This work zone is used for the closure of one lane of a two-lane road. This work zone can be used for many different types of work including the resurfacing of a travel lane or road shoulder repair work. The work zone will be clearly defined and separated from traffic with orange barrels or cones. Once drivers reach the work zone, they should follow the direction given to them by the flagger. Remember, the flagger knows what is going on inside the work zone and is there to protect you and the MDOT crews working on the road.
Single Lane Closure on Interstates
This work zone setup is used for the closure of a single lane on an interstate or four-lane divided highway. This work zone can be used for many different types of work including the resurfacing of a travel lane or road shoulder repair work.
These three work zone types are the most common drivers are likely to see on Mississippi’s highways. However, project details may require the setup of another type of work zone. Regardless of the work zone, motorists should obey the signs posted when approaching and traveling through work zones, use caution and avoid distractions. Work zones are setup in specific ways to keep the driver, passengers and MDOT crews safe.

Worker MemorialHighway work is one of the most dangerous jobs in the country. Since 1992, transportation accidents have been the leading cause of one-the-job deaths in the United States. It’s important to remember that roadside workers have families they hope to return to after each day of work.

MDOT will be honoring our fallen workers with a memorial dedicated to the memory of our fallen workers who lost their lives in service to transportation in Mississippi:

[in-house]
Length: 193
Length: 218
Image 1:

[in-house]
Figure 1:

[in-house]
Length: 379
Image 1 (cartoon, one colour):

1951
Lawrence H. Davis
1955
Albert E. Enis
1959
Richard H. Tisdale
1960
Henry R. Martin
1961
Grover L. Entrekin
Daniel E. Ladner
1964
Alfred H. Mizell
1967
Carl A. Smith
1968
Jacob F. Chambers
Ralph Davis
1970
Wilton E. Lang
1973
George Killens
Ernest Saucier
1975
Roy C. Jackson
1976
James M. Newell
1977
Arter I. Huddleston
1979
Edward B. Reves
1980
Clayton Johnson
James R. Lowery
1982
Robert K. Pauilihau
1987
Robert L. Evans
Warneal Roberts
1988
James Wright
Jimmy C. Weatherall
1990
Neil Thornton
Franklin L. Gilbert
1991
Chester A. Berryman
1993
William F. Brown
1997
Justin H. Edwards
1998
Albert M. Mullican
David R. Boykin
2001
Lamar Magee
Lucious Harris
James D. McDaniel, Sr.
Stayce M. Wilkinson
2003
Johnny C. Cooper
James T. Marsh
2007
David Lee Jones
2009
Samuel C. Clark
2010
Tyler R. Kilsby
Leon Sims
2012
Hollis Anderson, Jr.
2014
Henry Butler, Jr.
Ricky Daniel Murrah

MDOT's Safety Efforts

Toward Zero Deaths

Moving Mississippi towards zero deaths.

In an effort to drive down the number of deaths on roadways in the state, MDOT has adopted the Towards Zero Deaths vision as a part of its highway safety plan.

Get in the Game

Safety Education

Preparing tomorrow's drivers today.

To support parents, teens and educators in reducing high fatality statistics, MDOT’s Safety Education website offers resources and training for the public.

Take the Pledge